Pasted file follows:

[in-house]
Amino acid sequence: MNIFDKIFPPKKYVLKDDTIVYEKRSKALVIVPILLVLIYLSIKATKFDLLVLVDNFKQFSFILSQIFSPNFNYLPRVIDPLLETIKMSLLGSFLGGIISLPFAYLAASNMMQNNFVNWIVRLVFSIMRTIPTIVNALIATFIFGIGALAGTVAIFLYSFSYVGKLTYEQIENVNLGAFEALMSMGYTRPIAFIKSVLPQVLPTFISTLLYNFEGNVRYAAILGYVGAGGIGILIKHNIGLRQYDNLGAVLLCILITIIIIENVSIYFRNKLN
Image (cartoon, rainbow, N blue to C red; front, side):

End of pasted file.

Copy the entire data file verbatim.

[in-house]
Amino acid sequence: MNIFDKIFPPKKYVLKDDTIVYEKRSKALVIVPILLVLIYLSIKATKFDLLVLVDNFKQFSFILSQIFSPNFNYLPRVIDPLLETIKMSLLGSFLGGIISLPFAYLAASNMMQNNFVNWIVRLVFSIMRTIPTIVNALIATFIFGIGALAGTVAIFLYSFSYVGKLTYEQIENVNLGAFEALMSMGYTRPIAFIKSVLPQVLPTFISTLLYNFEGNVRYAAILGYVGAGGIGILIKHNIGLRQYDNLGAVLLCILITIIIIENVSIYFRNKLN
Image (cartoon, rainbow, N blue to C red; front, side):